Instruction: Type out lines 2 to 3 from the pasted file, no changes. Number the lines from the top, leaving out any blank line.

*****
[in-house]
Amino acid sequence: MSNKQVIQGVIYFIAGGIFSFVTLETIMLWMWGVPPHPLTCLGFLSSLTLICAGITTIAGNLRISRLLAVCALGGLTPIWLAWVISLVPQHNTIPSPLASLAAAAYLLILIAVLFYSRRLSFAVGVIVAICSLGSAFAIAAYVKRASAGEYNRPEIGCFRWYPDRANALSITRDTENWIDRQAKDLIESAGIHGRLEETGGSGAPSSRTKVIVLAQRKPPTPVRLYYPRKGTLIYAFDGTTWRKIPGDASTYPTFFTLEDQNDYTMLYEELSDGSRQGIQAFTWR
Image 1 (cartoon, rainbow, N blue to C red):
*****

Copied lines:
Amino acid sequence: MSNKQVIQGVIYFIAGGIFSFVTLETIMLWMWGVPPHPLTCLGFLSSLTLICAGITTIAGNLRISRLLAVCALGGLTPIWLAWVISLVPQHNTIPSPLASLAAAAYLLILIAVLFYSRRLSFAVGVIVAICSLGSAFAIAAYVKRASAGEYNRPEIGCFRWYPDRANALSITRDTENWIDRQAKDLIESAGIHGRLEETGGSGAPSSRTKVIVLAQRKPPTPVRLYYPRKGTLIYAFDGTTWRKIPGDASTYPTFFTLEDQNDYTMLYEELSDGSRQGIQAFTWR
Image 1 (cartoon, rainbow, N blue to C red):